Housing controversy demonstrates need for diversity in Roaring Fork School District leadership
The lingering controversy over proposed housing assistance for Roaring Fork School District Superintendent Jesús Rodríguez shines a spotlight on the importance of our work and the need for continued involvement to ensure that our voices are heard and our communities are represented.
Alan Muñoz of Voces Unidas was part of the superintendent housing committee that recently presented the Roaring Fork School Board with three solid recommendations for future superintendent housing policy. While the board has yet to act on those options, Alan’s presence as one of only two Latino members of the 14-person committee serves as a real-time example of how our community is not being represented in district committees or spaces. In a district where nearly 60% of the students are Latino, it speaks loudly to the lack of engagement the district is making with the Latino community.
More pointedly, it speaks to the need for change.
We are all aware of the housing struggles for working families in the Roaring Fork Valley. And it should go without saying that affordable housing options are a requirement for attracting and retaining the best candidates for district superintendent, teachers, and all the other important staff that goes into providing the best education possible for local students.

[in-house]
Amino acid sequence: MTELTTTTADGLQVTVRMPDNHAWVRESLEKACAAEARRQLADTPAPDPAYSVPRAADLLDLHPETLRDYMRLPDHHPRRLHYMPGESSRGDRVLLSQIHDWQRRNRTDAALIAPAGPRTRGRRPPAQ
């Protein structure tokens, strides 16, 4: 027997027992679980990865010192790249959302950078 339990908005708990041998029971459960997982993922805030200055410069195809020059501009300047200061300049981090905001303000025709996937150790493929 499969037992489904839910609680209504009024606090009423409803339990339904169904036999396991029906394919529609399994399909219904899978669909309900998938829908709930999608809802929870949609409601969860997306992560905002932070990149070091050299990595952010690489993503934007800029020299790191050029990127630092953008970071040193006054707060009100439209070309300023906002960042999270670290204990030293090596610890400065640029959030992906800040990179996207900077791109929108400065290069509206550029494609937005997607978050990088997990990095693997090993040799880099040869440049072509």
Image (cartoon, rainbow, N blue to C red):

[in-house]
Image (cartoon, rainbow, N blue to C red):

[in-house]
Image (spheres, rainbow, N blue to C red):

But what all too often also goes unsaid is that the Latino community has been historically shut out of processes like this one that have a significant impact on the district in which we are the majority. The district is not creating an environment that is particularly welcoming or easily accessible to Latino parents, and when the majority of the community is left out of the process, the outcome rarely reflects our vision for our school district.
Voces Unidas will continue to hold the Roaring Fork School District accountable for establishing a more welcoming environment and opportunities for representation in leadership roles that better reflect the makeup of the district. We want to see more representative diversity in committees, leadership roles, and on the school board – where three of the five current board members are up for reelection this fall.
The election this fall will have a direct impact on the education of our children and the future of our community. With the prospect of a brand-new school board, it is crucial that we find strong candidates who represent us, that we come out to vote, and that we make our voices heard. By electing officials who understand our unique challenges and can work to create policies that benefit our community, we can ensure that our children receive the education they deserve and that our communities thrive.
At all levels of the school district, our community needs to be represented in a meaningful way. Our vote is our power, and we must use it to make a difference.